If you don't mind my asking, what do you think would be the best image for the money? DV50, or HDV or some other format? I have no problems with HDV if it can be edited properly. I would have to see footage to know for sure but if I could get a camera with a true 16:9 chip with a sharper image and better dynamic range than DV25, I would be thrilled.

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Old June 2nd, 2004, 03:30 AM   #9
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I don't think I'm qualified enough to answer your question. One
of my primary believes is that it doesn't matter much which good
DV camera you get since we can't distribute in a higher quality
format at this point in time anyway. I also believe that there are
lots more important things than camera's (like a good script).

But the main reason I think I'm not qualified enough to answer
that specific question is the simple fact that I've mainly worked
with the Canon XL1S (PAL) and not others camera's worth
mentioning. So I can look at the technology behind things (I have
good working experience with those) but from my point of view
not enough knowledge to see which camera would work best
for other people.

The best tips I can give you is to make three lists of things:
must have's, would be nice to have & don't care/want/need lists.

Then you can prioritize those lists and see which camera's come
up as good matches. Removable lens system might be very
important to some people while 24p is king for someone else
(which I don't care about since I'm in 25p PAL land which is very
close to 24p).

You see where this is going? What would be a must for me might
very well be a don't need for you.

It also depends on what you are going to do with a camera. 24p
is much more important perhaps if you want to make fictional films
than it would be if you are shooting stuff for the news!
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Old June 2nd, 2004, 07:59 AM   #10
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The 4:1:1 colour sampling issue is an interesting one. I've been doing some experimenting with a plugin that I developed for FCP to turn 4:1:1 into a good approximation of 4:4:4 - aiming for full quality gives me a darn good 4:2:2.

http://www.nattress.com/filmEffectsGNicerTests.htm

shows the results of my tests, and really DV at 4:1:1 is not the evil it used to be. I'm going to refine my algorithm for 4:2:0 (it works now, but is not quite optimised enough) and add it for 4:2:2 which will make the plugin of use to everyone who isn't shooting HDCAM SR!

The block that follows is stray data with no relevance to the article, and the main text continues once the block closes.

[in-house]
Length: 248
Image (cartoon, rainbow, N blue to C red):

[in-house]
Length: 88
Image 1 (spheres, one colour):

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Old June 2nd, 2004, 08:22 AM   #11
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That looks interesting Graeme! Is this plugin going to be available
only for FCP?
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Old June 2nd, 2004, 08:25 AM   #12
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Yes - only for FCP. I'm only a small business and don't have the time to spread myself too thin at the moment.

Thanks for the comments - I reckon I can improve it still further by reducing it's tolerance to luminance artifacts. There's alread some supression of compression artifacting going on which smooths the chroma a little extra, but I reckon I can take it further still.

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Old June 2nd, 2004, 09:59 AM   #13
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Rob,
Going back to your posting on relative DV picture quality,
last week I needed to edit some material at home on DV that had been shot on Digibeta. It had been transferred to DVCam for me. Since my Canon XM2 won't play that format, and since that's what I was using to capture the material into my PC, I hooked up my camera to a friend's DVCam in work by firewire and transferred it accross.
While cutting the stuff, I couldn't help but notice the superb picture quality that you'd expect with Digibeta.
I suppose what I'm trying to say is that MiniDV compression is capable of maintaining very high picture quality, even through all those transfers. It's in the actual picture acquisition from the DV camera (XM2) at source that the quality isn't being created.
I suppose that if I want better quality I should be upgrading to a DSR570 and quit moaning to myself about resolution ;-)

Robin.
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Old June 2nd, 2004, 11:20 AM   #14
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Well, that's sort of the thing--the ultimate judge of a format is how it looks to the eye in its final form of delivery, not what the specs might suggest. Whenever I shoot a spot on 35mm, I always ask for a Digibeta and a DV copy. I use the DV for editing my reel on FCP, and save the Digibeta for future use. The DV looks really good, certainly considering that I'm delivering my reels on DVD's these days (it's only in the past year that I don't get requests for 3/4" dubs any more!). So yes, the type of source material makes a big difference, although I can see the difference between that and the Digibeta versions if I look hard enough.